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Tuesday, 29 March 2011

Manufacturing in Africa can be profitable and developmental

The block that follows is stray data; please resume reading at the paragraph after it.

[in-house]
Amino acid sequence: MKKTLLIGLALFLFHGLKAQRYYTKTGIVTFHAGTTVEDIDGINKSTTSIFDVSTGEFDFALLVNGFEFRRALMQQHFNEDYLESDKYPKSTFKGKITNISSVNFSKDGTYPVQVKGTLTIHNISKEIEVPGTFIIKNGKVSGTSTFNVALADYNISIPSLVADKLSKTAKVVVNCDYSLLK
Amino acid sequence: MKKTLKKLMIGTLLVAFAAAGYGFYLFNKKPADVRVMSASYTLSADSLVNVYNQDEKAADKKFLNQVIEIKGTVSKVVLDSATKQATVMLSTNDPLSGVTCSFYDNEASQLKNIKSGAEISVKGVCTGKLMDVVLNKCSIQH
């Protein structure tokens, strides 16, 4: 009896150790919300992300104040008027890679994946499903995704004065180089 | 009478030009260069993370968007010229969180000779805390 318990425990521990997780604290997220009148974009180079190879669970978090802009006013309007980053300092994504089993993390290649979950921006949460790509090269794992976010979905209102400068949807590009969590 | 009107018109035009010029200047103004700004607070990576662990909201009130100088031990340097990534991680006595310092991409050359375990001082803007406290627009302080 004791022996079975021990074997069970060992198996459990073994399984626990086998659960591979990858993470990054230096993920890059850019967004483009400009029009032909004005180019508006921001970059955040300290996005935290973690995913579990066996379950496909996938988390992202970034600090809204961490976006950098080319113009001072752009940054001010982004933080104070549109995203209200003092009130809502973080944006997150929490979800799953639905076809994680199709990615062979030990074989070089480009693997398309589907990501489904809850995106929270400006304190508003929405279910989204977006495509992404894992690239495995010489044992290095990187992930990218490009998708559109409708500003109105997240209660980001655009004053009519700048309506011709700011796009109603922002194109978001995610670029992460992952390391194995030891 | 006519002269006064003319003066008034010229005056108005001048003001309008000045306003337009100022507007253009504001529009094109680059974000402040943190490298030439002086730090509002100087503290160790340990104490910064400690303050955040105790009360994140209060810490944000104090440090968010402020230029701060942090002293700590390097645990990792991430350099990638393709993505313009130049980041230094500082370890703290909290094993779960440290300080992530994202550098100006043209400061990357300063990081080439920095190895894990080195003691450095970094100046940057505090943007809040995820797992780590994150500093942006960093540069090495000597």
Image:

Investing in beneficiation of raw materials is crucial for the development of the African continent. Some foreign entrepreneurs have created food-processing businesses in Africa and are making good money, despite an occasionally difficult business environment. "A vibrant SME (small and medium enterprise) sector is key for employment, increased income, economic diversification, exports and foreign direct investment," asserts Mohamed-Lamine Dhaoui of UNIDO, the United Nations Industrial Development Organisation. "But, in Africa, manufacturing contributes only to 10 percent of gross domestic product," adds Dhaoui, who is director of business, investment and technology services at UNIDO. Raw commodities, like fuel, metals and unprocessed foods, form the most important part of African exports. In contrast, manufacturing export is limited to 29 percent of exports - low compared to other regions. But the development of the private sector in Africa faces major challenges: a difficult business environment, inadequate technical support services, poor infrastructure and weak technological development, with high costs for processing and electrification. Advantages of the African business environment include low labour costs, even though the labour force sometimes needs professional training. "And agriculture is one of the key sectors for manufacturing, with its agro- industry, cash crops and food industries," Dhaoui notes. Some foreign investors have taken up the challenge of manufacturing agricultural products directly in Africa. They are adding value locally, thereby contributing to local development while making good money.